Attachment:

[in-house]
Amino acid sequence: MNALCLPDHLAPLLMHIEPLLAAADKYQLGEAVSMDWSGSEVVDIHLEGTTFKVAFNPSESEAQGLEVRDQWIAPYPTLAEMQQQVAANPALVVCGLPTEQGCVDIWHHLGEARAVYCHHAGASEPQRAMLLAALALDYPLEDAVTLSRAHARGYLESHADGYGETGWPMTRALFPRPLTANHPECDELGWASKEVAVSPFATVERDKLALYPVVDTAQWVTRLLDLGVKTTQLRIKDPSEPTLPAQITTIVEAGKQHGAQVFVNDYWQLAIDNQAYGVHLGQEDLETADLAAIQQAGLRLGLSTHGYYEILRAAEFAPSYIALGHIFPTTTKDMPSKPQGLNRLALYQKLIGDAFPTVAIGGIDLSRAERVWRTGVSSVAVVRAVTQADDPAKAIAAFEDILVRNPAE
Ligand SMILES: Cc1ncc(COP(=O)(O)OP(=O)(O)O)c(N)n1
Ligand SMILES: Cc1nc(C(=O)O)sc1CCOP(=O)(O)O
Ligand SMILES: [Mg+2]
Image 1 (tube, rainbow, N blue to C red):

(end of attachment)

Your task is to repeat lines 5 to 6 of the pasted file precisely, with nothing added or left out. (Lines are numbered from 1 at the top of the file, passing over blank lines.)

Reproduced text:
Ligand SMILES: [Mg+2]
Image 1 (tube, rainbow, N blue to C red):